"Salem provides insightful and fruitful close readings of fictional, poetic, and theatrical texts as well as pop culture that have been generally ignored in English-language scholarship. The research is a superb introduction to Lebanese cultural production and the struggle to define and confront the contradictory elements of Lebanese national identity."--Stephen Paul Sheehi, Duke University
"In this study of 100 years of literary and cultural production in Lebanon, Elise Salem poses very real and very difficult questions about how Lebanon's future will unfold in the postwar era. Her insightful work is also an urgent call to Lebanese and non-Lebanese people to study and engage with literary and cultural production in order to expand the ways in which we conceptualize Lebanon."--Michelle Hartman, McGill University
Through an examination of Lebanese literary narratives and musical theater, Constructing Lebanon offers a vehicle for understanding Lebanon's cultural and political evolution as a nation over the last century. It redresses the lack of scholarship on the symbiotic relationship between nation and culture, especially in Arab studies, by presenting both descriptive and prescriptive models of how a nation can be "read" through literary productions.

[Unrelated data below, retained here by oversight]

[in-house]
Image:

Elise Salem provides valuable close readings of many Lebanese literary texts written in Arabic, including lesser-known fiction, popular culture narratives, and plays written and produced during the Lebanese civil war and postwar period. Using this framework, Salem examines the construction of nationalist mythology in Lebanon and illustrates how nationalist and regional politics influence cultural productions. Rereading Gibran Khalil Gibran, for example, with the idea of nation in mind reveals that his works are replete with formative ideas on Lebanese identity. Besides analyzing an extensive body of literature from the 20th century, Salem also draws from cultural productions, especially the popular Rahbani and Fayruz musicals that proved to be central to Lebanese consciousness.
This pioneering attempt to propel the study of Lebanese nationalism beyond the confines of ideology and political parties sharpens our understanding of this evolving nation, from its early inception and development to its demise and current reconstruction.
Elise Salem is professor of English at Fairleigh Dickinson University.
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"The best research, to date, for the uninitiated. Theoretically and historically informed, Salem exposes the reader to the leading mainstream artists of the 20th century and their struggle with the rich contradictions of Lebanese identity before, during, and after 'the war'. "
--Middle East Journal
"A groundbreaking analysis of the literary narratives that have contributed to constructing Lebanon as a nation in the 20th century….Neither a political history nor a literary history of Lebanon in the 20th century, it nonetheless, cleverly weaves both together with skill and a vast scholarly documentation, and presages the importance of culture and literary narratives in the constructing of Lebanese national identity."
--Digest of Middle East Studies